September 26, 2012

When should analytics be in-memory?

I was asked today for rules or guidance regarding “analytical problems, situations, or techniques better suited for in-database versus in-memory processing”. There are actually two kinds of distinction to be drawn:

Let’s focus on the first part of that — what work, in principle, should be done in memory? 

Please note that:

Thus, the choice whether or not to do something entirely in memory usually isn’t a simple one; even in theory, it depends on metrics such as database size, hardware capacity and the like, as well as on the specific approaches used to manage data in the in-memory and on-disk alternatives.

The two biggest exceptions that come to mind are:

To be more specific, let’s look at everybody’s two favorite kinds of analytics — business intelligence (BI) and predictive modeling — which haven’t yet been well-integrated. Two of the best reasons for putting BI in memory are probably:

Some BI vendors, especially the visualization-intensive ones, address these needs via proprietary in-memory data stores. Others just create temporary in-memory databases from reports and other query result sets. Either can work.

Two other reasons to do BI in-memory are:

Reasons such as “Prebuilding aggregates is annoying; in-memory lets you use the raw data” are often just disguised forms of the performance argument.

Finally, in the case of predictive modeling, I find it hard to separate the in-memory question from parallelism. The default way of doing predictive modeling is:

The biggest problems with that plan seem to occur when:

That said, I don’t currently have much to add to what I wrote about the in-memory/in-database trade-off for parallel predictive modeling back in April, 2011.


2 Responses to “When should analytics be in-memory?”

  1. Thomas W Dinsmore on September 27th, 2012 9:22 am

    All analytic computations run in memory. The distinction between traditional analytics, in-database analytics and the new category of “in-memory analytics” is the size of the memory.

    Take SAS, for example. Legacy SAS software runs in memory; when the size of the data set exceeds memory, SAS swaps back in forth between memory and disk, which causes a performance hit. SAS’ new in-memory product (HPA) runs on a box with a large enough memory to avoid swapping on large problems.

    Of course, since the HPA box isn’t large enough to hold the entire data warehouse, you’re still moving data around. (Teradata’s largest Model 700 maxes out at 40TB uncompressed).

    By eliminating data movement, in-database analytics deployed in an MPP architecture always trump “in-memory” analytics when two conditions are true:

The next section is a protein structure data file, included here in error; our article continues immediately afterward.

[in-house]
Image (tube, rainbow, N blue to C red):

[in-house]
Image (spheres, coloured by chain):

(1) The data is already in the database (because it’s your warehouse)

    (2) The analytics problem is embarrassingly parallel. This is always true for scoring and is true for the most commonly used analytics. Case-Based Reasoning, on the other hand, is not embarrassingly parallel, and is an appropriate application for pure in-memory analytics.

    SAS has produced no evidence to date that in-memory analytics outperform in-database analytics on comparable problems. The claimed performance benefits (100x) are similar to those reported by those who use in-database analytics.

  2. Neil Hepburn on September 30th, 2012 7:45 pm

    For me it comes down to flexible interactive ad hoc querying. This is the sweet spot of analytics. You can’t beat the combination of human intelligence and experience working with an apparatus that can answer virtually any question in less than a second. This is when the magic happens.

    But it’s not only just about memory. It’s about overall latency. Namely, never leaving the bus to begin with, not even to go to the network. In other words, scale-out doesn’t work here. This is why they still build super computers, and why the cray was always designed to be cylindrical – for minimum latency.

    Associative tools like QlikView and PowerPivot simply will not work when there is latency.

    On a related note, I believe we reached an inflection point in 2009 when Windows 7 was released. What happened was this was the first time where Microsoft really got the 64-bit OS right, and 64-bit became the defacto standards, leading to abundant cheap memory. For example, I can now buy a server with 2 TB RAM for < $200k.

    Once you've been working with post-OLAP technologies like QlikView and PowerPivot, it becomes pretty obvious that OLAP is turning into a niche technology (possibly suitable for EPM, but that's about it).

    We've seen this play out before. Those that recall the slow but steady transition from pre-relational hierarchical (e.g. IMS) and network (e.g. IDS) databases which recognize this pattern. Unfortunately, in the B2B world, these changes are glacial.

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